8-hour day required of liquor board employees

Inspectors ordered to file regular reports on activities

September 10, 2005|By Lynn Anderson | Lynn Anderson,SUN STAFF

The Baltimore liquor board imposed a new policy yesterday requiring all inspectors to work eight-hour days and to file regular reports showing that they have visited bars.

Board Chairman Mark S. Fosler issued a memo yesterday outlining the change, which requires inspectors to clock in and out at certain times and to report to supervisors daily. In the past, inspectors were required to sign in only when they were at liquor board offices. The rest of the day they were mostly out of pocket.

"I want to ensure that they are working 40 hours and that they are enforcing the rules and responding to community complaints to address nuisance bars," said Fosler, who was recently reappointed to a second term as chairman by Gov. Robert L. Ehrlich Jr. "We have to be more pro-active."

Liquor board officials past and present say they have long wondered how some inspectors spend their workdays. A review of board files shows that some bars have not been reviewed in years, though each inspector is supposed to survey at least three liquor establishments a day.

Community groups have complained often about a lack of timely response from the liquor board.

"The files we receive don't contain some of what we would consider current and routine inspections," said Fosler, who asked chief liquor inspector Samuel T. Daniels to hand out the memo at a staff meeting.

The new policy goes into effect Monday.

Part of the problem, liquor board officials say, is that some inspectors have other jobs that might be interfering with their enforcement work at the city's 1,400 or so liquor establishments. One inspector works at barbershop, another helps run a catering business, and another is an aide to a state senator.

The officials also say that some inspectors got their jobs - civil service positions that pay $26,556 to $45,203 a year with generous health and retirement benefits - because they are aligned with or married to influential people.

The personnel change is being made amid intense scrutiny of the liquor board.

State prosecutors have subpoenaed a wide range of records and documents from the state agency, including inspection files, agency cellular telephone records and complete liquor license files for Norma Jean's, a strip club on The Block, and Power Plant Live, a popular downtown entertainment venue that is managed by local developer David Cordish.

Fosler said the liquor board, which has turned over thousands of documents to prosecutors, was set to hand over any remaining files or reports yesterday in accordance with the grand jury subpoena that was delivered to Executive Secretary Nathan C. Irby Jr. on Aug. 17.

"It is my understanding that process will be complete today," Fosler said yesterday.

State Prosecutor Robert A. Rohrbaugh has declined to comment on the subpoena.

Irby, a former state senator from East Baltimore who was appointed to head the administrative side of the liquor board in 1997, has referred all questions regarding the subpoena and other issues to Fosler.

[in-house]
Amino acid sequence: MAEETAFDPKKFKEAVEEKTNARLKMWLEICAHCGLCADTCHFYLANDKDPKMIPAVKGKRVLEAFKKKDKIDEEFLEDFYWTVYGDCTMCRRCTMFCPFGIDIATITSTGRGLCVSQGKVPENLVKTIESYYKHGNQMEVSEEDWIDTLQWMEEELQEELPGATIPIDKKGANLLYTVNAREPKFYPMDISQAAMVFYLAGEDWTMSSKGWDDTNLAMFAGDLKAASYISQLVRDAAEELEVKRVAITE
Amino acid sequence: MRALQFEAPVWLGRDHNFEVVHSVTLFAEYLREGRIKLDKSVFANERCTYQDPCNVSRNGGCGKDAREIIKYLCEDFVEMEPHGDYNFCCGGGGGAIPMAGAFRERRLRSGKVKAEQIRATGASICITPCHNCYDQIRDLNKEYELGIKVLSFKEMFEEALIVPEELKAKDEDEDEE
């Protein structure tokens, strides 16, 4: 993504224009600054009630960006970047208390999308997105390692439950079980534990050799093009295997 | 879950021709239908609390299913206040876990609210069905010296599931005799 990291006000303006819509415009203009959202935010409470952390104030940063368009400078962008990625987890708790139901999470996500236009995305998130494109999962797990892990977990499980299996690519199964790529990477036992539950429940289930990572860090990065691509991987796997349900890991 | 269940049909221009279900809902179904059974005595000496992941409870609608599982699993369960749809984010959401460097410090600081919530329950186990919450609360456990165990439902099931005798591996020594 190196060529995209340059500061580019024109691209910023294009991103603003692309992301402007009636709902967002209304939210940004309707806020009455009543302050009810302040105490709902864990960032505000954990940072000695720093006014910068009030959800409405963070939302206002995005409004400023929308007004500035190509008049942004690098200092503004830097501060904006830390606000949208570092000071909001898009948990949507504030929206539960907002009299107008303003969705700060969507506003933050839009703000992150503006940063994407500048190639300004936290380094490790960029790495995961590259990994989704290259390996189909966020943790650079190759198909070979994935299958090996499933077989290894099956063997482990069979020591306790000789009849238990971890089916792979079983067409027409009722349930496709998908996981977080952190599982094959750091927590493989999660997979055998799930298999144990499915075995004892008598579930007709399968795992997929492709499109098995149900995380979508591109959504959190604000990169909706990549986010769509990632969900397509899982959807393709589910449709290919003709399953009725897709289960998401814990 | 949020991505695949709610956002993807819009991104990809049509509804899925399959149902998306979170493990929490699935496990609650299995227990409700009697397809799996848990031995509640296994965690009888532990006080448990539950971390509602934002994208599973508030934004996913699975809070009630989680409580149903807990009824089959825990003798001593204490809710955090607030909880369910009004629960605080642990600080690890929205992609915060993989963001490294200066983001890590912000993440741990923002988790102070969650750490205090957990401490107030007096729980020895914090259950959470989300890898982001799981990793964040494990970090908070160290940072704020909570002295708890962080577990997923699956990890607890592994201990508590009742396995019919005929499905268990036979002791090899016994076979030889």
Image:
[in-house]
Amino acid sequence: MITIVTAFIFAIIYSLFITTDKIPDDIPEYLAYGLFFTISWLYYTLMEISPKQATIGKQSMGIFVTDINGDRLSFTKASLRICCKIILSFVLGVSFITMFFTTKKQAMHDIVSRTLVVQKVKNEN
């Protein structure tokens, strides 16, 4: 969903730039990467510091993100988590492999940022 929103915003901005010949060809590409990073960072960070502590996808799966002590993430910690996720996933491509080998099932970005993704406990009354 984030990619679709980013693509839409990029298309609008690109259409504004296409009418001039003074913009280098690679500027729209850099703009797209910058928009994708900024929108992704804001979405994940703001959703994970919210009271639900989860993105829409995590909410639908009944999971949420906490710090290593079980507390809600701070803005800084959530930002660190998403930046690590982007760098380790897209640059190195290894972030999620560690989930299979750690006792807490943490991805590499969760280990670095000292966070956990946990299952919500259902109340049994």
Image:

Commissioners Edward Smith Jr. and Jeffrey B. Pope - who were appointed to the liquor board by Ehrlich in July - have designated Fosler as their spokesman.

Telephone calls to several liquor inspectors at their homes were not returned.

Daniels, the chief liquor board inspector, could not be reached for comment yesterday, but in previous interviews he said he was expecting the new policy and hoped that it would make tracking the work of the 18 full-time inspectors he oversees easier.

"I have some concerns about ... proper output," Daniels said, adding that there is "not a sufficient commitment" by some inspectors to get the job done. "Until some people are required to do something, they will opt not to," he said.

One of the inspectors who has another job is Lawrence H. Hall, whose wife, Vera Hall, is a former City Council member. He works in a barbershop, according to fellow employees at the Dolfield Avenue business.

Another is Michael J. Hyde, who runs a catering business with his brother, according to a Web site for the company.

And inspector Ralph Gilliam works for East Baltimore Community Corp., according to an employee at the group's office on Gay Street. A Web site for the Historic East Baltimore Community Action Committee, an umbrella community group set up to help revive deteriorated areas around the Johns Hopkins medical complex, lists Gilliam as an alternate board member and aide to state Sen. Nathaniel J. McFadden.

McFadden did not return telephone calls to his district office seeking confirmation of Gilliam's employment. Neither did Marie Washington, president of East Baltimore Community Corp., an umbrella nonprofit group that represents 25 neighborhood groups.

None of the three inspectors returned telephone calls seeking comment.

Job descriptions for liquor inspectors at the city's personnel office make it clear that they are supposed to work a 40-hour week. But nothing in the job profile appears to bar an inspector from holding a second job.

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